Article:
Physical Chemistry : Multidisciplinary Applications in Society
The advancements in society are intertwined with the advancements in science. To understand how changes in society occurred, and will continue to change, one has to have a basic understanding of the laws of physics and chemistry. Physical Chemistry: Multidisciplinary Applications in Society examines how the laws of physics and chemistry (physical chemistry) explain the dynamic nature of the Universe and events on Earth, and how these events affect the evolution of society (multidisciplinary applications). The ordering of the chapters reflects the natural flow of events in an evolving Universe: Philosophy of Science, the basis of the view that natural events have natural causes - Cosmology, the origin of everything from the Big Bang to the current state of the Universe - Geoscience, the physics and chemistry behind the evolution of the planet Earth from its birth to the present - Life Science, the molecules and mechanisms of life on Earth - Ecology, the interdependence of all components within the Ecosphere and the Universe - Information Content, emphasis on how words and phrases and framing of issues affect opinions, reliability of sources, and the limitations of knowledge.
- Hardback | 1226 pages
- 216 x 276 x 22mm | 419g
- 15 Jun 2018
- Elsevier Science Publishing Co Inc
- United States
Table of contents
Science and Society - an Overview 1. Philosophy of Science 2. Cosmology 3. Geosciences 4. Life Sciences 5. Ecology 6. Information Content Appendix A. Basic Thermodynamics Appendix B. Forces and Flows Appendix C. Quantum Theory of Atoms and Molecules
About Kenneth S. Schmitz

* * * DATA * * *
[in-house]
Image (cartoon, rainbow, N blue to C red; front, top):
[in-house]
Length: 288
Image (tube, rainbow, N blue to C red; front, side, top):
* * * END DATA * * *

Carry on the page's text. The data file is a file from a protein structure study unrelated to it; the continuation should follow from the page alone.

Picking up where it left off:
Dr. Kenneth Schmitz earned BAs in 1966 for Physics, Chemistry, and Mathematics from Greenville College in Greenville, Illinois. He earned his PhD in 1972 for Physical Chemistry and Biophysics from the University of Washington in Seattle. From 1972 to 1973, Dr. Schmitz was a National Institutes of Health Postdoctoral Associate in the Departments of Chemistry at the University of Washington and then Stanford University. Dr. Schmitz started his teaching career as Assistant Professor of Chemistry at Florida Atlantic University in Boca Raton, Florida from 1973-1975. He then moved to the University of Missouri in Kansas City in 1975 where he was Assistant Professor of Chemistry until 1979, Associate Professor of Chemistry until 1986, and Professor of Chemistry until 2014. Dr. Schmitz has won several awards/trainseeships in his career including the National Science Foundation Summer Trainee, Department of Chemistry, University of Washington, Seattle in 1968 and 1969; Fellowship in the Japanese Society for the Promotion of Science in 1997; and Fellowship in the Kyoto University Foundation in 1998. He organized the Gordon Research Conference in 1984, which continues to meet every other year under the name "Colloid, Macromolecular, and Polyelectrolyte Solutions". Dr. Schmitz has authored over 90 scientific publications in refereed journals, two books, an invited review article, and edited two more books. His areas of specialization include dynamic light scattering, statistical mechanics, computer simulations, and biophsyics.